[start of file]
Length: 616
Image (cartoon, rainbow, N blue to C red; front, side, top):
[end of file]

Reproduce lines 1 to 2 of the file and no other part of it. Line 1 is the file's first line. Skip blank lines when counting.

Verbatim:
Length: 616
Image (cartoon, rainbow, N blue to C red; front, side, top):